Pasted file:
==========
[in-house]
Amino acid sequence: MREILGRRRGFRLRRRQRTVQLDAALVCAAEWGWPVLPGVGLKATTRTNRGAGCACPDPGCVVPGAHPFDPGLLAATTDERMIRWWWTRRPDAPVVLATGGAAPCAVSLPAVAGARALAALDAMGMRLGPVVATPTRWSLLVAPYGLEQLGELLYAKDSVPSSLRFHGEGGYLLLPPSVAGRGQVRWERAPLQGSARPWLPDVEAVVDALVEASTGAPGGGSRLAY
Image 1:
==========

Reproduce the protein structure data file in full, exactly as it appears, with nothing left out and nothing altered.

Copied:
[in-house]
Amino acid sequence: MREILGRRRGFRLRRRQRTVQLDAALVCAAEWGWPVLPGVGLKATTRTNRGAGCACPDPGCVVPGAHPFDPGLLAATTDERMIRWWWTRRPDAPVVLATGGAAPCAVSLPAVAGARALAALDAMGMRLGPVVATPTRWSLLVAPYGLEQLGELLYAKDSVPSSLRFHGEGGYLLLPPSVAGRGQVRWERAPLQGSARPWLPDVEAVVDALVEASTGAPGGGSRLAY
Image 1: